David Lynch plays it straight; Review: 'The Straight Story' pays homage to the quiet dignity of one man's slow journey down the highways of Iowa -- and of life.


"The Straight Story" starts out like any David Lynch film, with an aerial shot of a pretty little Midwestern town, its neat streets, tidy yards and picket fences barely belying the depravity, angst and sexual perversity that seethe underneath. Lynch's fans will brace themselves for the inevitable shock to come, but the real shock here is that the wholesome surface is exactly what it seems.

A radical goodness suffuses "The Straight Story," a populist belief in the quiet heroism of courtly decency so strong that you leave the theater stunned. In a way, "The Straight Story" is the most daring movie by Lynch, who has made a career examining the more slithery aspects of human nature in such movies as "Blue Velvet" and the TV series "Twin Peaks." With "Straight Story" he has actually made -- and convinced Hollywood to sell -- a movie about the very people it makes billions of dollars rejecting, disdaining and dismissing every day.

"The Straight Story" is the tale of Alvin Straight, who in 1994, at the age of 73, set out on his riding lawn mower to visit an estranged brother who had succumbed to a stroke. Starting out in Laurens, Iowa, Straight -- whose bad vision prevented him from driving a car and whose irascible independence prevented him from accepting a ride -- drove a 1966 John Deere with a trailer attached to Mount Zion, Wis. Alvin's 240-mile trip inevitably became a local cause celebre, and during his six-week journey he became something of a media darling.

But as its title suggests, "The Straight Story" is just that -- Alvin's trip unvarnished by wacky interludes, heroic arrivals or morality tales about fame and the media. Portrayed with grizzled dignity by Richard Farnsworth, Alvin doesn't labor under too much subtext. Aside from a bar stool confession about his years in World War II -- one of the movie's most affecting sequences -- Alvin stays pretty much Alvin throughout this elegantly simple movie.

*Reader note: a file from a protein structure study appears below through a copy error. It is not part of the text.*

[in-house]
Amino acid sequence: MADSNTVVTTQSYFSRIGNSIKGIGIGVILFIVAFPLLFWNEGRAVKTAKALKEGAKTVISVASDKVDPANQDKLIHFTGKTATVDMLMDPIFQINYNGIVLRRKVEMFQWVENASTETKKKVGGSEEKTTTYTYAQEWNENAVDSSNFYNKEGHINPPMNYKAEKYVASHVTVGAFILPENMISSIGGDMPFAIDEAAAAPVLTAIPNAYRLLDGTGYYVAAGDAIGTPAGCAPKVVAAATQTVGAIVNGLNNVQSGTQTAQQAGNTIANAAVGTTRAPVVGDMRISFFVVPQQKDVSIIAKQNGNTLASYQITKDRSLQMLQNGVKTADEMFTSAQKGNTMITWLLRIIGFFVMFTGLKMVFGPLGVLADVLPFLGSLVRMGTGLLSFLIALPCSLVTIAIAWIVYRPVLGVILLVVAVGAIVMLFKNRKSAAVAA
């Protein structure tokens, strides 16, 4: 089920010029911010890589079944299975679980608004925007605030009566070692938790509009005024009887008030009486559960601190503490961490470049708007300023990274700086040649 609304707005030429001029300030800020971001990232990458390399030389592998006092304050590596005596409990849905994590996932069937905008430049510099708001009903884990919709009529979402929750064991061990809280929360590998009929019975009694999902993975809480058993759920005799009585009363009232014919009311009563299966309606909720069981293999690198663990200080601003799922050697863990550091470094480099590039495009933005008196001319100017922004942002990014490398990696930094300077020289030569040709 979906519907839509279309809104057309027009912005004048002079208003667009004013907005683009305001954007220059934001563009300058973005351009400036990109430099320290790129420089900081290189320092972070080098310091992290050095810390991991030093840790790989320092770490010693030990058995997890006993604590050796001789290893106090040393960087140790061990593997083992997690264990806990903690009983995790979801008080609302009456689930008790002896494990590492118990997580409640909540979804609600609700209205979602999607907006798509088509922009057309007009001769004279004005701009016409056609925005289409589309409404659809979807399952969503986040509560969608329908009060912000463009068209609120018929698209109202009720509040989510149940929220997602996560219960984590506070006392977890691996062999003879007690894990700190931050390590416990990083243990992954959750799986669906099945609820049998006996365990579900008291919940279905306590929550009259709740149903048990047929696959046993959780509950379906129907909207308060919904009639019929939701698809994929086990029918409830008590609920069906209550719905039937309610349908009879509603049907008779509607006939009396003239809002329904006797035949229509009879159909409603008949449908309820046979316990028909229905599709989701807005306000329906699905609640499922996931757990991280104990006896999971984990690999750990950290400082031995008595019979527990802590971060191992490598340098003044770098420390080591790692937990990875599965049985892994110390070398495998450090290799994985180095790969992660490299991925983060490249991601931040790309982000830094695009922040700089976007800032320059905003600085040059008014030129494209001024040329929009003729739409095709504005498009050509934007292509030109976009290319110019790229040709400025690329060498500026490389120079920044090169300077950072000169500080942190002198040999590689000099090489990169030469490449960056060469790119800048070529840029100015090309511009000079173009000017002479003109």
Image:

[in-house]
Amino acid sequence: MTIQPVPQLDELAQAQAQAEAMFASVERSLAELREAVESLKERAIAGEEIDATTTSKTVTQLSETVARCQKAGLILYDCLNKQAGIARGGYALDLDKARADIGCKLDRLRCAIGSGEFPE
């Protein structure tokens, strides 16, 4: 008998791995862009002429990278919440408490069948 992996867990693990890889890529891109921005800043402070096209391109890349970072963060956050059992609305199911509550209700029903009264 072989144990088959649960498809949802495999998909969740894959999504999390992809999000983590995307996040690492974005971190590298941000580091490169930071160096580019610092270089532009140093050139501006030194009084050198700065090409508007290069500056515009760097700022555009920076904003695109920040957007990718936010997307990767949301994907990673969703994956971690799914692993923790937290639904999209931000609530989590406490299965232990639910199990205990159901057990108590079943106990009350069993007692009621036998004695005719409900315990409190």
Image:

That means that audiences get exactly what they're promised here: the story of a man who, upon hearing that his brother may be dying, simply packs up his lawn mower and sets out from his northern Iowa town for points east.

When the first mower punks out, he buys a used John Deere whose transmission is better suited to haul the jury-rigged trailer Alvin has packed with lawn chairs, Braunschweiger sausage, blankets and Swisher Sweets cigars. When Alvin, whose bad hips can almost be heard creaking every time he gets on and off the green machine, sets out this time, "The Straight Story" is off and running at a gripping 5 mph.

At first Lynch has gentle fun with the story's idiosyncratic pace, pointing his camera down to the creeping yellow center line of the road (a sly homage to the speedy version of the same image he used in "Lost Highway") and panning up from Alvin to the open sky and back again, only to find the tractor inches farther than where it had been.

But soon enough, the audience settles into the journey's own rhythm and tempo, and soon Alvin's world opens up. Like him, we revel quietly in an Iowa countryside during harvest season (filmed on location, "The Straight Story" has been splendidly photographed by veteran cinematographer Freddie Francis), grow contemplative by the light of an evening fire and experience the sublime joy of savoring a Swisher Sweet under a barn roof during a sudden lightning storm.

Farnsworth doesn't have a lot of dialogue, and the lines he does speak have a wistful wisdom about them, spoken in a high-pitched cackle. He communicates much more through his face and body, both of which wear visibly through the movie, and both of which convey wordlessly the heroism of his character's journey.

Ostensibly, "The Straight Story" is about Alvin's effect on the people he meets on his odyssey across the Mississippi River, but watching his encounters -- with a young runaway, a group of bike racers, a fellow World War II veteran, a priest -- filmgoers may have an odd sensation of premonition.

In one of the movie's most eerily powerful scenes, Alvin enjoys his first beer in years in the company of two similarly elderly gentlemen. No one speaks. One of them scrapes something invisible off the bar. And you realize that this is something we've never seen in a Hollywood movie before. This is old age, not played for laughs or false sentimentality or glib wisdom. "The Straight Story" is an engaging yarn and a moving character study, but it's also a sweet, sad glimpse of everyone's future.

'The Straight Story'

Starring Richard Farnsworth, Sissy Spacek

Directed by David Lynch

Rated G

Running time 111 minutes

Released by Walt Disney Pictures

Sun score ***

Copyright © 2021, The Baltimore Sun, a Baltimore Sun Media Group publication | Place an Ad